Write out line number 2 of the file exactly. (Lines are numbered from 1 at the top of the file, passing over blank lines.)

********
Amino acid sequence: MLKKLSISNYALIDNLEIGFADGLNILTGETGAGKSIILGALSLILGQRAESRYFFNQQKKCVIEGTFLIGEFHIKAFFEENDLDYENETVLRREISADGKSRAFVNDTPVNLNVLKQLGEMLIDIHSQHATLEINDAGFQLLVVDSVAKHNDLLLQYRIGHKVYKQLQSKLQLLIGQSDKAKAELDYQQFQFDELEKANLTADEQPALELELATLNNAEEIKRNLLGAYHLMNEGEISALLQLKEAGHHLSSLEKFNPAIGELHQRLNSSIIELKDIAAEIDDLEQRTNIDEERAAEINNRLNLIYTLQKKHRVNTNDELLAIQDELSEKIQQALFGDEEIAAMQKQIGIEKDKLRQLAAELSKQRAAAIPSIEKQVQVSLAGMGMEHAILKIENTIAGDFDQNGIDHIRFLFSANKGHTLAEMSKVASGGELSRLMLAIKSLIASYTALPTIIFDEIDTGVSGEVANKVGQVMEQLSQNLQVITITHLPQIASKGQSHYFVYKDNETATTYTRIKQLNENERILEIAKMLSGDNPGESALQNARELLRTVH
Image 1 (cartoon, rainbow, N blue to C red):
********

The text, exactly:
Image 1 (cartoon, rainbow, N blue to C red):